The only issues I had with CDS was the relatively poor service and the off-putting taste of the chutneys. There was a moment in time where the server completely forgot about us and we had to ask him a couple of times to refill our water. Also, the Sri Lankan chai that Kent and I ordered turned up towards the middle of the meal instead of the beginning…or even the end. As for the chutneys, I just wasn’t a big fan of them. They had a weird off-putting taste which I can’t describe that completely turned me off them.

Richard’s Ruminations

The place smelled delicious even when standing outside in the parking lot – that was surely a sign of good things to come!  Entering the restaurant, we were surprised to see that it was completely empty, given how much hype this place has been getting (though there were a few tables with reservation placards on them).  Like many an ethnic restaurant, they had sweets prominently displayed in glass cases, which caused some excitement in the group (not for me though; I’m not a fan of Asian desserts in general).  The menu, on the other hand, sparked my interest substantially – ultimately, Kent and I decided to split a goat dosa as well as a Sri-Lankan lamb curry.

The curry came out first, quite quickly (probably one of the few things that is slow-cooked and hence already made – the waiter made sure to inform us that they freshly cook virtually everything upon order).  The curry came with rice by default (as it should, IMO), a nice change from many places where prices for curry may seem deceptively low if you don’t take into account the extra rice order.  The lamb was melt-in-your-mouth tender and the depth of spices was terrific, though there were a lot of bones in the curry.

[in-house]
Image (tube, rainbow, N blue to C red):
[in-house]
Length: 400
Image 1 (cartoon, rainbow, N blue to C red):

Then came the dosas.  These things were f*cking huge!  They were literally the length of your torso and looked like they could feed a small country.  The crepes themselves were thick (for a crepe) yet crispy, with decent filling and a few nice chutnies on the side.  I also ordered a mango lassi, which ended up being kind of plain tasting.

Kent’s Two Cents

Everyone, this place is effin amazing. South Indian/Sri Lankan cuisine is hard to come by in Calgary. The dosas are gigantic and could be ordered on its own if you are looking for a meal for yourself. And if you are not that adventurous, the more well known Indian dishes are also excellent. It might be my favourite place in the city for butter chicken, and I NEVER order butter chicken at an Indian restaurant (its equivalent to the California roll for sushi for me). The service could use a bit of work depending on the server, but that is mostly due to miscommunication and a language barrier. Don’t let that stop you from visiting Dosa Corner, everything there is absolutely delicious.

Summary

It is hard not to see why CDS was recently crowned as the hidden jewel of Calgary 2011 by Avenue Magazine. Although the service was ok, and the location out of the way, CDS is an must for everyone looking for a taste of authentic South Indian cuisine. This is definitely where the real locals eat. I took a huge dump the next with a solid ring of fire around my anus and that’s how I knew it was good times. Thank you, CDS!

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Ranking

  Kiran Kent Richard
Ambiance N/A 4.5/6 4/6
Service 3/6 4.5/6 3/6
Plating 6/6 4.5/6 6/6
Taste 5/6 6/6 10/12
Authenticity 6/6 6/6 6/6
Value 5.5/6 5/6 5.5/6
Overall 25.5/30 = 85% 30.5/36 = 85% 35.5/42 = 85%

Canada Dosa Corner on Urbanspoon